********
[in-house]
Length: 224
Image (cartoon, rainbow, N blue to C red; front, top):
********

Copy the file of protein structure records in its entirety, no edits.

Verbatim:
[in-house]
Length: 224
Image (cartoon, rainbow, N blue to C red; front, top):